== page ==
By Collection Management Librarian Kathy
Did you know the library has a curated section of Book Club Kits? These are pre-assembled bags with 10 copies of the same popular title, discussion questions curated by Oak Park librarians, and lists of similar titles for book groups.
Each bag can be placed on hold by an individual Oak Park cardholder and is checked out as a single item. Here is a selection of some of our favorites, but you can find other titles in the library’s catalog.
Titles to discuss
Harlem Shuffle by Colson Whitehead
Why your group should try it: Now is the perfect time to read and discuss this book as the second book in the Harlem Trilogy, Crook Manifesto, was just released.
Description: Few people know Ray Carney descends from a line of uptown hoods and crooks, and that his façade of normalcy has more than a few cracks in it. See, cash is tight so if his cousin Freddie occasionally drops off the odd ring or necklace at the furniture store, Ray doesn't see the need to ask where it comes from. He knows a discreet jeweler downtown who also doesn't ask questions. But when a larger heist doesn't go as planned, Ray has to cater to a new clientele, one made up of shady cops on the take, vicious minions of the local crime lord, and numerous other Harlem lowlifes. Thus begins the internal tussle between Ray the striver and Ray the crook.
The Sentence by Louise Erdrich
Why your group should try it: Louise Erdrich is perfect for discussion because she hits on so many big themes—systemic racism, justice, and in this case, the effects of a global pandemic.
Description: After serving part of an outrageously long sentence, Tookie, who "learned to read with murderous attention" while in prison, naturally gravitates toward working at a bookstore. When Flora, the store's most persistent customer, suddenly dies, her ghost refuses to leave. Flora returns on All Soul's Day to haunt the bookstore and in particular, Tookie. Why? The mystery of this revenant's appearance leads Asema, a fellow Ojibwe bookseller, and Tookie to a shocking personal discovery with historical reverberations.
Three Girls From Bronzeville by Dawn Turner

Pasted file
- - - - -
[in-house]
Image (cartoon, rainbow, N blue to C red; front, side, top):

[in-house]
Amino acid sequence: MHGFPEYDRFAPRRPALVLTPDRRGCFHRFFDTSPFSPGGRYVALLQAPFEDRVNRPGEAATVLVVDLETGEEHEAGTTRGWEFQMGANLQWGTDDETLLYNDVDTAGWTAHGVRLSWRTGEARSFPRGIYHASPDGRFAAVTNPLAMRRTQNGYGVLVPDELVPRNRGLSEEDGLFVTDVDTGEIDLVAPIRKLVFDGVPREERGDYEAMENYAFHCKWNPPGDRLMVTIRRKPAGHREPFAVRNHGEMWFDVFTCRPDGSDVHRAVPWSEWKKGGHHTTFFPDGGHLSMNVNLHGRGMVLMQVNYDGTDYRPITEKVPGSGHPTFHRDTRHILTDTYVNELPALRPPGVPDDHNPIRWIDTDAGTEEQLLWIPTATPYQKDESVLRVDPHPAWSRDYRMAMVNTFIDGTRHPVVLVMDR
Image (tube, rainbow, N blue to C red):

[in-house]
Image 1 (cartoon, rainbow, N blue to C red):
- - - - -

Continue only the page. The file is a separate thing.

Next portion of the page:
Why your group should try it: An excellent read ripe for discussion, especially as it takes place in Chicago.
Description: The girls spent countless afternoons together, ice skating in the nearby Lake Meadows apartment complex, swimming in the pool at the Ida B. Wells housing project, and daydreaming of their futures: Dawn a writer, Debra a doctor, Kim a teacher. Then they came to a precipice, a fraught rite of passage for all girls when the dangers and the harsh realities of the world burst the innocent bubble of childhood, when the choices they made could—and would—have devastating consequences.
The Yield by Tara June Winch
Why your group should try it: You might win book club by picking this under-the-radar title that won multiple Australian literary awards.
Description: Knowing that he will soon die, Albert "Poppy" Gondiwindi takes pen to paper. Albert is determined to pass on the language of his people, the indigenous Wiradjuri tribe, and everything that was ever remembered by the ancestors. August Gondiwindi has been living in Europe for ten years when she learns of her grandfather's death. She returns home to Australia for his burial, wracked with grief and burdened with the memories of life in poverty before her mother's incarceration, her hometown's racism against her people, and the mysterious disappearance of her sister when they were kids that changed August's life forever.
If I Had Your Face by Frances Cha
Why your group should try it: If your group especially loves discussing characters, this is for you.
Description: Kyuri is a heartbreakingly beautiful woman with a hard-won job at a "room salon," an exclusive bar where she entertains businessmen while they drink. Her roommate, Miho, is a talented artist who finds herself in a precarious relationship with the super-wealthy heir to one of Korea's biggest companies. Down the hall in their apartment building lives Ara, a hair stylist for whom two preoccupations sustain her: obsession with a boy-band pop star, and a best friend who is saving up for the extreme plastic surgery that is commonplace. And Wonna, one floor below, is a newlywed trying to get pregnant with a child that she and her husband have no idea how they can afford to raise and educate in the cutthroat economy. Together, their stories tell a gripping tale that's seemingly unfamiliar, yet unmistakably universal in the way that their tentative friendships may have to be their saving grace.
The Sum of Us by Heather McGhee
Why your group should try it: If your club includes younger folk, this is a great option because there is also an adapted version for young readers.
Description: McGhee marshals economic and sociological research to paint an irrefutable story of racism’s costs, but at the heart of the book are the humble stories of people yearning to be part of a better America, including white supremacy’s collateral victims: white people themselves.
Kathy is a Collection Management Librarian who loves reading, sharing, and talking about books. Her missions in life are to: create communities of readers, convince folks that her official title should be "Book Pusher," and refute that "disco" is a dirty word.